Europe's long half-century between 1850 and the outbreak of the First World War is conventionally divided into unequal portions, characterised by spreading prosperity and Biedermeier complacency in the first 20 years, followed by the slow, rich, industrialised gearing-up towards total war in the remaining period. But, as J W Burrow's absorbing account of the intellectual life of Europe in this period shows, below the surface there was tumultuous dissent and change. It is a striking reflection that the fat years of the century's third quarter were launched by the revolutions of 1848-49. Both they and the increasingly pervasive liberal sentiment in western European politics were the remote consequences of a project begun a long half-century before, in 1789, at the gates of the Bastille. But that is how history works: the age of liberal democracy and market capitalism had its umbilicus cut by the defenders of the barricades in those uprisings, and those who manned them - such as Bakunin and Richard Wagner - were freed by defeat to dream other dreams with even greater consequences later.
The inspiration for the uprisings was the desire to accomplish, without the terrors, the hopes of 1789, but its failure left a temporarily disillusioned intelligentsia seemingly powerless against the strength of the new order. Burrow makes the intriguing suggestion that, in failing to achieve its ends by direct action, the spirit of the age sought to do so by equally utopian but cleverly different means: the attempt to find unification and liberation - this time of intellectual kinds - through natural science. The aim was to understand and control not only material phenomena, but also the mind, for this was the time when sociology, psychology and theories of social evolution were in their optimistic infancy. Combined with a strongly Whig view of history's upward trend, forms of perfectibility were taken for granted and influenced thinking about human nature - not least in making mankind at last able to understand the conditions of its own existence.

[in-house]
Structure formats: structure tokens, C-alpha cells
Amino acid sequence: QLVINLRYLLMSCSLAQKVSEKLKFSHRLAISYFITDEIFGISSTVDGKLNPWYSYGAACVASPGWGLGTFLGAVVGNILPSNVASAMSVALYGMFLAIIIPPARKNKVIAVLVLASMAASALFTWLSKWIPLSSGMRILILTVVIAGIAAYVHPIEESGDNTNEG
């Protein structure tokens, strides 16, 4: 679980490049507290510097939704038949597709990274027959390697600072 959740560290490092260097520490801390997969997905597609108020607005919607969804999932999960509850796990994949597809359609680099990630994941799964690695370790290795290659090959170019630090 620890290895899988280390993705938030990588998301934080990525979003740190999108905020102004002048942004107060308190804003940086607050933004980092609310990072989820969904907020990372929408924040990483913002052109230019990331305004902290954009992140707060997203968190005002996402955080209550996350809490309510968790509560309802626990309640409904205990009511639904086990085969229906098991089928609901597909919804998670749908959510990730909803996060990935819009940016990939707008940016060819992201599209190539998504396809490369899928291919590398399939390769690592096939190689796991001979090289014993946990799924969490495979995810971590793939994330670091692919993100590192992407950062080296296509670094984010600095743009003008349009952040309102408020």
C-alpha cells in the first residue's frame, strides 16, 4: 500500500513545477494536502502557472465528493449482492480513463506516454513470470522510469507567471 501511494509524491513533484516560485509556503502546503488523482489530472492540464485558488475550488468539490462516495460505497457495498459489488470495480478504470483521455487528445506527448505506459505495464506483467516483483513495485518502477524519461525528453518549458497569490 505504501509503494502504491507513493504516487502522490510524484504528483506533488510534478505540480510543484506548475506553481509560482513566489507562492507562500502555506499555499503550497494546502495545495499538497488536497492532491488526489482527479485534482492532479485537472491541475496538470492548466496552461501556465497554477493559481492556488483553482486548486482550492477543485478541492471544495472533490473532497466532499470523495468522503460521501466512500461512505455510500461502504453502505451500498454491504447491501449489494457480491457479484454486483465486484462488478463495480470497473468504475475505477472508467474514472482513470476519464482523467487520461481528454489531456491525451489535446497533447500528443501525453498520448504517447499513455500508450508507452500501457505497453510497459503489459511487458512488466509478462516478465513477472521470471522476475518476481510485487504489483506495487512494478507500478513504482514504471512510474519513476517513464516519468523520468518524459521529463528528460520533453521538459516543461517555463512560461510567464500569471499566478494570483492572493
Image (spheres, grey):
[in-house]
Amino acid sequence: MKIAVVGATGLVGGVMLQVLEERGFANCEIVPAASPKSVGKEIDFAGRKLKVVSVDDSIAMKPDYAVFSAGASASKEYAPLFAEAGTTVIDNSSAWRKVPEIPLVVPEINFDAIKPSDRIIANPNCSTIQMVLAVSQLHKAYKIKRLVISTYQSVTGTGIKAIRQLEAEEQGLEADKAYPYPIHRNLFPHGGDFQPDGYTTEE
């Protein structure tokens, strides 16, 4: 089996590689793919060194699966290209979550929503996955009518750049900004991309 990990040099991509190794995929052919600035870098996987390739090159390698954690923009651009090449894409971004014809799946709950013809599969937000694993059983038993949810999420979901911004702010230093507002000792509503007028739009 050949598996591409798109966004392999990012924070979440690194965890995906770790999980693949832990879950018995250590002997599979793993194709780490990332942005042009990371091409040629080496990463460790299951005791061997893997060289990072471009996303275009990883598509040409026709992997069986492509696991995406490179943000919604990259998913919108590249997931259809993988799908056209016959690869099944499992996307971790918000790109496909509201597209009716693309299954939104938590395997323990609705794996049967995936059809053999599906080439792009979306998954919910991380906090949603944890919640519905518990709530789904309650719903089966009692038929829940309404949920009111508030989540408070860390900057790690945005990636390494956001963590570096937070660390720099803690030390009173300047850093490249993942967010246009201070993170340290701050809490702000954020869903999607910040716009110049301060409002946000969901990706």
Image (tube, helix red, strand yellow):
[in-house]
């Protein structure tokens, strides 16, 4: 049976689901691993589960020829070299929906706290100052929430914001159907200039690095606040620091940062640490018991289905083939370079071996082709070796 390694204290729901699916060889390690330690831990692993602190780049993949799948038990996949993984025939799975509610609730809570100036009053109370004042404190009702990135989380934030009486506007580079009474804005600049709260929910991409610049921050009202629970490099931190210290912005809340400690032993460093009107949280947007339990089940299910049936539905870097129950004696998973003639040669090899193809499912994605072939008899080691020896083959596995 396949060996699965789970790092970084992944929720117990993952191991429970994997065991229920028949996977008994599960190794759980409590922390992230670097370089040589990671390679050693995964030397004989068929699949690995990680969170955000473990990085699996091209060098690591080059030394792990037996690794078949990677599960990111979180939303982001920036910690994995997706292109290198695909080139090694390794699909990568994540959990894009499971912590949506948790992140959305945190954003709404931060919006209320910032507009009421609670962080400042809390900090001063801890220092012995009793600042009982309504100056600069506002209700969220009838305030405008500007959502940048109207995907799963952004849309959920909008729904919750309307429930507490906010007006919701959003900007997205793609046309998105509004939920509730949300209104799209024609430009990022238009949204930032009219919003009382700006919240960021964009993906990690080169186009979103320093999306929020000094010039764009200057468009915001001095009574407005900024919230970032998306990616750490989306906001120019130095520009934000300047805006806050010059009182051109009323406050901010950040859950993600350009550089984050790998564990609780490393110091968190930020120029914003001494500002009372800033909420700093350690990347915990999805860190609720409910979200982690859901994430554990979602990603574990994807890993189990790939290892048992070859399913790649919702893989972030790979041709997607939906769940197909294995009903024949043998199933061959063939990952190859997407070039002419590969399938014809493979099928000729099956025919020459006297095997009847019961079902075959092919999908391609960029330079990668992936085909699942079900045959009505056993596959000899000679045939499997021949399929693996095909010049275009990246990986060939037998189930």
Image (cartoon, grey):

As is inevitable when reach exceeds grasp, this endeavour met with disillusionment, too. Burrow describes the reaction to the threats perceived by many in science. Scientific social progress was seen not as liberating but isolating, not as promoting human values but as denying and reducing them, because - in the view of its critics - it takes people out of the network of relationships that give human life meaning, and inflates the importance of the individual, who, on inspection, turns out to be hollow when removed from that network.
One result of this scepticism and anxiety was a quest for inner sources of value. For uneducated people, they were found in religious revivalism. But Burrow is mainly concerned with intellectuals who turned to theories about the Dionysian, as Nietzsche would have it, or the Unconscious, as Freud came to think of it - in either case, belief in the energising power of something non-rational, free and potentially creative, the cultivation of which came to be seen as both the goal and the hallmark of the intellectual.
Burrow's history of the movement of ideas in this period deliberately reflects not what later came to be seen as important, but what seemed important to contemporaries. A healthy corrective is introduced by this perspective, for we are inclined to think, post facto, that what Michelson and Morley were discovering about the luminiferous ether is far more important than what contemporaries thought of George Sand's novels, then huge bestsellers but now unread. It is impossible to ignore the racial theories of Gobineau or the views of Sorel and Marx on labour, and Burrow does not do so. But they cannot be adequately understood out of their context, which he provides by showing what was salient in their day, regardless of how we now evaluate it.
The method has its risks and difficulties. Discussing the later part of his chosen period, Burrow begins with the Futurist Manifesto written by Filippo Marinetti in 1909. He gives its absurdities a hearing that they scarcely deserve by making them seem to be related, even in some formative way, to movements such as the fauves, cubists, atonal composers, early Kandinsky and Kokoschka, Dresden's Die Brucke group of artists and the like. Although these resemblances are no doubt an expression of a temper of the times, it is hard to imagine that strainings after effect, and attempts to shock and be novel, were any less transparent than they are now.
Burrow's book is, however, an achievement. He is at home among the complex themes and literature of the time, which enables him to offer a wonderfully lucid narrative of the ideas and influences that flow together through it. When one sees what was being said and written, and where it was tending in its increasing rush towards the smash of 1914, one sees that the staid accounts of 19th-century history to which we grew accustomed in our formative years simply will not do, given that they leave out the blood and sinews of a time that has much to answer for - the blood and sinews consisting of ideas, which Burrow brilliantly anatomises for us.
A C Grayling is a reader in philosophy at Birkbeck College, University of London